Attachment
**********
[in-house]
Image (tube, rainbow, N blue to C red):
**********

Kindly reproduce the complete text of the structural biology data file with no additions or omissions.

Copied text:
[in-house]
Image (tube, rainbow, N blue to C red):